Part of the fear related to facial recognition is linked with prejudices that programmers and users bring to it. Certain communities have traditionally been targeted by police forces. Their data is a part of such systems and the algorithm is trained in such a way that they are far more likely to be identified than people from other communities. This ensures that the failures of the past will not just be the failures of the future, they will in fact be “made worse,” feels IFF’s Gupta.
For instance, in Hyderabad over the last few years, the police have been cordoning off areas in low-income neighbourhoods in what they maintain is an attempt to nab criminals. This military technique used to hunt insurgents gained traction when Ivanka Trump was to visit the city in November 2017 and has been almost normalised now. What started with documentation of fingerprints and biometrics has now seen the addition of facial recognition systems since 2018. As an increasing number of media reports suggest, people have been randomly asked by the Hyderabad Police to stand for a picture. K Prudhvi Raj, a corporate employee, was stopped on his way home after a nightshift at 2.30 am last November and told he was being photographed “simply like that”.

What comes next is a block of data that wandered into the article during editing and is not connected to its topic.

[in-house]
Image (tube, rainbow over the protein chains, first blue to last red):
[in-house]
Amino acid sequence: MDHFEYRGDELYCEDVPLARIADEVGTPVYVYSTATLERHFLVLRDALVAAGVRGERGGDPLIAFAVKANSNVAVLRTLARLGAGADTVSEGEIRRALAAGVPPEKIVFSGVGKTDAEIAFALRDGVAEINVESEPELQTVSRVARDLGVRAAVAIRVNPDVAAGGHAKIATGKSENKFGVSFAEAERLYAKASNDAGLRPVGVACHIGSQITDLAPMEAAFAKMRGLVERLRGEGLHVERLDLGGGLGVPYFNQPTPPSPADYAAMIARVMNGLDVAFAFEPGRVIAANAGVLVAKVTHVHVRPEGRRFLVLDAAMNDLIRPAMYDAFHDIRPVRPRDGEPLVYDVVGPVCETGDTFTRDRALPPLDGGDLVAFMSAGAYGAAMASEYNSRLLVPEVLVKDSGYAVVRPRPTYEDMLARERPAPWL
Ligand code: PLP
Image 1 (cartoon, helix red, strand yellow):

Atul Rai, founder of Gurugram-based Staqu, which works with police in Uttar Pradesh, Rajasthan and Punjab, among others, observes that the technology is neither positive nor negative. “It is the person using it that makes it positive or negative. We don't want to have any government partners using our technology to harm people's privacy,” he says. Police official Aravindhan says Chennai Police takes up a daily review of facial recognition operations to eliminate any misuse.
The future of facial recognition in law enforcement appears certain. The Smart City projects, which include CCTV installations for city surveillance, could drive it further. Mumbai Police has 13 licences for facial recognition software from an international vendor at present. These are deployed at its discretion over the existing network of some 5,200 CCTVs.
Pranaya Ashok, deputy commissioner of police (operations) for Mumbai Police, says they are expanding the database of digital photos of “history-sheeters” to increase the chances of spotting wanted criminals in surveillance. In the “technology cell” next to his office, now and then each month, unmissable alarms go off when a CCTV detects a blacklisted match. As yet reluctant to tie any arrests directly to facial recognition, Ashok holds that the feature is useful for locating frequent chain snatchers and for crowd control. Mumbai plans to add another 5,600 CCTVs, and with that the number of licences could hit 100.